One method of forming a drapeable touch sensor creates a porous eSheet touch sensor. To accomplish this, one could start with an eSheet substrate that has a matrix array of holes. In order for the capacitive fields to appear uniform, the holes either have to be about 10 holes per wire to randomize out the difference in dielectric constant between the air gap and the polymer substrate, or the wire has to be aligned to the solid polymer sections in the eSheet substrate. Likewise, orthogonal arrays of polymer fibers or plastic strips can be used to form a drapeable eSheet substrate. More than one wire could be used per fiber or plastic strip, but the designer has to make sure the electric field lines are not affected by the air/plastic gaps at the edge that cause a change in dielectric constant, hence change in electric field lines across those edges.
 The eSheet touch sensor can be designed with a back conductive layer to act as a "ground plane" and could also be charged to help "push" the EMF field from the scan wire out of the front surface of the touch sensor. A back "ground" plane would help the touch sensor from being sensitive to anything behind the sensor like changes in volume with changing dielectric constants or electric voltages. Being able to push the scanned electric field out of the front of the display would also make it more touch sensitive. The back ground plane could also be a row of wires. The wires could be aligned with the scan wires or be offset or in between the eSheet touch wires.
 There are many different structures that can be fabricated using two nominally orthogonal arrays of wire electrodes. Wire electrodes are defined as free standing wires that can be spooled or are spooled on a bobbin. The eSheet touch sensor wires are wrapped as free standing wires onto a surface and attached to the surface using heat, UV, contact adhesive or a polymer or silicone overcoat.
 There are many different eSheet structures that can be used from a simple crisscrossing wire grid, to a coated and patterned diamond shape on the wire grid, to multiple parallel wires per scan lines with one or more nominally orthogonal wires per sense lines. The wires could also be attached in a zigzag shape to increase the capacitance or sensing of the touch panel.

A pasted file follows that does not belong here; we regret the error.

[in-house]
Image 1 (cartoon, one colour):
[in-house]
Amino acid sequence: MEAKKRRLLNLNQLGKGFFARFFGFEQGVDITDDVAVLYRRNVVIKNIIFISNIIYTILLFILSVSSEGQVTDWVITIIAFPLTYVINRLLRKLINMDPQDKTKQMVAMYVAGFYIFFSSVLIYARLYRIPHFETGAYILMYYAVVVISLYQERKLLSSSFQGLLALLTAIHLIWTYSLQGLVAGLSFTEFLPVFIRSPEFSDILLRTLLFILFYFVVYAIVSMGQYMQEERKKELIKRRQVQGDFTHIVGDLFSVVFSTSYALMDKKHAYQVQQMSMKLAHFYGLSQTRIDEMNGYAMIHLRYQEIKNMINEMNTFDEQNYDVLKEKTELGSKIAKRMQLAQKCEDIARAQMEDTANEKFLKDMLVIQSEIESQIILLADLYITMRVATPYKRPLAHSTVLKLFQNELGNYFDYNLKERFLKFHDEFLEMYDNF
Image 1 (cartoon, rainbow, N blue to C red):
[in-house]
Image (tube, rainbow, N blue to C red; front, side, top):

Electronic Blackboard or Whiteboard
 One of the embodiments of the present invention is an electronic blackboard or white board. The largest market for this type of product is in schools, where it would replace the school blackboard. The product has three key sections; a tough glass surface, a sensor for input, and a reflective bistable energy efficient display. The reflective bistable energy-efficient display can be manufactured by simply sandwiching a reflective liquid crystal material, like a cholesteric liquid crystal, between two orthogonal electroded sheets. The electroded sheets or eSheets can be formed by embedding wire electrodes into the surface of a polymer sheet and electrically connecting transparent conductive electrode stripes to the wire electrodes. The wire electrodes are used to carry the bulk of the current along the length of the line, and the transparent conductive electrode is used to spread the voltage across the row of pixels. This reflective eSheet liquid crystal (LCD) display can be passively addressed by applying voltages to the wire electrodes in the orthogonal eSheets. Because the wire electrodes can be made very conductive, very large addressable displays can be made. Because the eSheets transparent conductive electrode (TCE) can be made very transparent, the three layered stacked color LCDs can be made to have high reflectivity. The reflective LCD can be attached to the back side of a tough glass plate using contact adhesive to hold the display panel onto the glass and to remove any reflection at that interface. To complete the interactive "smartboard", a touch sensor is added to the device. One potential interactive touch sensor is a projected capacitive touch sensor fabricated using orthogonal wire arrays embedded into the surface of a polymer substrate. The touch location on the panel can be determined by applying a voltage and sensing the capacitive load on each wire in the XY grid. To increase the capacitance of the wire grid projected capacitive touch sensor, transparent conductive stripes can be patterned onto the wire electrodes. The projective capacitive touch sensor could also be combined with the eSheet LCD, such that the capacitive touch sensor serves at the top addressing electrode plane in an LCD.